Red reflex testing is a mainstay of efforts to screen infants for ocular pathology and eye doctors worldwide rely on it. A study recently reported that an abnormal red reflex finding most likely reflects an underlying ocular pathology; however, a normal red reflex finding does not necessarily exclude ocular disease.

The team conducted a meta-analysis of 8,713 infants from five studies. All studies used the red reflex test without pupillary dilation and were compared with a reference test performed with pupillary dilation.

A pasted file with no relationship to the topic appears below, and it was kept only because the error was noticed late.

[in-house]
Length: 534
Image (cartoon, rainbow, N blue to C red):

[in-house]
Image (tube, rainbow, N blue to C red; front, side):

For any ocular pathology, the researchers observed an estimated sensitivity of 7.5% and specificity of 97.5%. Focusing on ocular pathologies requiring a medical or surgical intervention, sensitivity improved to 17.5% and specificity remained high at 97.6%.

Subhi Y, Schmidt DC, Al-Bakri M, et al. Diagnostic test accuracy of the red reflex test for ocular pathology in infants. JAMA Ophthalmol. November 12, 2020. [Epub ahead of print].